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A probiotic has differential effects on allergic airway inflammation in A/J and C57BL/6 mice and is correlated with the gut microbiome

Abstract

The phenotypes of allergic airway diseases are influenced by the interplay between host genetics and the gut microbiota, which may be modulated by probiotics. We investigated the probiotic effects on allergic inflammation in A/J and C57BL/6 mice. C57BL/6 mice had increased gut microbiota diversity compared to A/J mice at baseline. Acetate producer probiotics differentially modulated and altered the genus abundance of specific bacteria, such as Akkermansia and Allistipes, in mouse strains. We induced airway inflammation followed by probiotic treatment and found that only A/J mice exhibited decreased inflammation, and the beneficial effects of probiotics in A/J mice were partially due to acetate production. To understand the relevance of microbial composition colonization in the development of allergic diseases, we implanted female C57BL/6 mice with A/J embryos to naturally modulate the microbial composition of A/J mice, which increased gut microbiota diversity and reduced eosinophilic inflammation in A/J. These data demonstrate the central importance of microbiota to allergic phenotype severity.

Video Abstract

Introduction

Asthma is an airway inflammatory disease that exhibits quite heterogenous severity and treatment responsiveness, which are likely due to the diverse mechanisms underlying this disease. An established approach to asthma treatment involves the categorization of patients into so-called phenotypes, which are defined by observable characteristics that result from a combination of hereditary and environmental influences [1]. Patients may respond differently to the same therapeutic interventions despite similar clinical symptoms [2, 3].

Several groups used various approaches to identify genes that may be related to asthma development over the past two decades. Some researchers used different inbred strains of mice under the same controlled environments to estimate the influence of genetic background on the allergic airway inflammation phenotype [4,5,6]. These researchers observed that some mouse strains, such as A/J mice, showed greater eosinophilia after 24 h of a challenge with ovalbumin (OVA) than other mouse strains, such as C57BL/6 mice [7, 8]. Animal and clinical studies on the relevance of host genetics to asthma clearly indicated that gene-environment interactions were involved in the manifestations of this complex disease [9, 10]. An imbalance of the microbial communities in the gut and lung has been increasingly associated with the incidence and severity of asthma [11,12,13,14]. More accurate pathobiological mechanisms in asthmatic patients may be elucidated from further analyses of the composition and metabolic activity of an individual’s microbiota [15].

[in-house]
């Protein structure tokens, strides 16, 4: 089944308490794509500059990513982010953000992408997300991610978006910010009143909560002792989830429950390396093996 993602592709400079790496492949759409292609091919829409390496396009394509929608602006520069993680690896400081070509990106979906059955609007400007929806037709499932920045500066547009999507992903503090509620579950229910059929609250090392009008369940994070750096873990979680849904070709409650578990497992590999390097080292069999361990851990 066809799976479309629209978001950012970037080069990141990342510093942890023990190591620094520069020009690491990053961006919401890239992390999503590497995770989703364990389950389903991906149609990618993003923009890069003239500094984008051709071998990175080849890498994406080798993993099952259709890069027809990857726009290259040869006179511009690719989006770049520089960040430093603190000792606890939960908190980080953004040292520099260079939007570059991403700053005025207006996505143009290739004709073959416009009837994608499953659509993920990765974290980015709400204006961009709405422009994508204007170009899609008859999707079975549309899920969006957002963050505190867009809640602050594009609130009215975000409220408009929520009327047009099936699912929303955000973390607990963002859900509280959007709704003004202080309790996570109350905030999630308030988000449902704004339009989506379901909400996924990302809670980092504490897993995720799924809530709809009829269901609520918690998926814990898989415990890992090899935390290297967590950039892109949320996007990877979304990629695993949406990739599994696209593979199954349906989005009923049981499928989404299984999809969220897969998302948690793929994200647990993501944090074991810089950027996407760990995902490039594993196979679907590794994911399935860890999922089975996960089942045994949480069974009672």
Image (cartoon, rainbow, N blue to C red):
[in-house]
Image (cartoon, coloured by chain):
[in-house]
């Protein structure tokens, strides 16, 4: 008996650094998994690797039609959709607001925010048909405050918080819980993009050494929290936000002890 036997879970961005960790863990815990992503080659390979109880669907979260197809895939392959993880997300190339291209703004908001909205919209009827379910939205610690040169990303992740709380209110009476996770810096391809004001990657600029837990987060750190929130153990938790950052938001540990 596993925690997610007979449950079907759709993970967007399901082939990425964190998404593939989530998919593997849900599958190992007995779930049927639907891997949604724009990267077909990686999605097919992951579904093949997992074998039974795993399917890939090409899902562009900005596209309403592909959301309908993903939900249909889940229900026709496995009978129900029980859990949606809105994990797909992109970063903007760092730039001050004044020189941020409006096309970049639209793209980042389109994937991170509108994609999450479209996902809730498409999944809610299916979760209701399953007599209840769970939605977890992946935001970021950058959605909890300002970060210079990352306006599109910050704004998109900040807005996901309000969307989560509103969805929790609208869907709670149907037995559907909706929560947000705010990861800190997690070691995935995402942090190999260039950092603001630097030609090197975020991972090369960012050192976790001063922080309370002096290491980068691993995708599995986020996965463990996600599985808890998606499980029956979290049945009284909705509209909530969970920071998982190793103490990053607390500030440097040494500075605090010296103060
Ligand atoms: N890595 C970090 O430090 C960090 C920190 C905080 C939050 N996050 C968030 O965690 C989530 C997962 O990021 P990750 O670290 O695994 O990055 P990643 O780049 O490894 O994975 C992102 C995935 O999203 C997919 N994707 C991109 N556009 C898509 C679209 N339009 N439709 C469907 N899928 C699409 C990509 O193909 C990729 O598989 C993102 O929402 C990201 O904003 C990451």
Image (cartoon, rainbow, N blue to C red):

The gut microbiome may play a role in asthma, and strategies to modulate the microbiota, such as probiotic supplementation, should be investigated. However, there is no consensus on whether probiotic supplementation prevents or alleviates asthma symptoms. Clinical studies are impacted by heterogeneity, such as the different environments and dietary habits of participants, which may interfere with probiotic treatment and lead to different outcomes. Experimental studies generally use different probiotic species in different mouse strains and various protocols to induce allergic inflammation, which complicates relevant comparisons and validations. All of these factors create difficulty in obtaining reliable conclusions on the impact of the use of probiotics in asthma.

Approximately 3.9 million adults in the USA use prebiotic or probiotic supplements [16], and some studies reported probiotic-associated morbidity and mortality [17, 18]. Therefore, additional studies on this topic are necessary. Many asthma patients likely consume probiotics, and probiotics may play a role in disease control. Therefore, an understanding of probiotic microbiota-host interactions is truly relevant. We investigated the role of specific probiotics in the two different hosts, A/J and C57BL/6 mice, and the relevance of the gut microbiota composition in experimental allergic disease.

Understanding the relevance of probiotic-host interactions may call attention to the indiscriminate use of probiotic products by asthmatic consumers and reveal the possible benefits/risks of these products in asthma patients.

Materials and methods

Mouse experiments

Male A/J and C57BL/6 mice were obtained from the animal facility of the Institute of Biomedical Sciences (University of Sao Paulo, Brazil) but were originally from Jackson Laboratories. Mice were housed in specific pathogen-free conditions in the same animal room. All mice used were age-matched and fed a standard chow diet of irradiated AIN93-M [19]. Mice in the experiment described in Fig. S1 received a modified AIN93-M diet containing 15% citrus pectin (Vetec, Duque de Caxias, RJ, Brazil). Littermates of the same sex and age were randomly assigned to different experimental groups. For the experiment described in Fig. 4, one female was used.

Study design